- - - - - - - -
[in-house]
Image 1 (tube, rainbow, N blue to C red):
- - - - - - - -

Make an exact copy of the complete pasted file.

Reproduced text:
[in-house]
Image 1 (tube, rainbow, N blue to C red):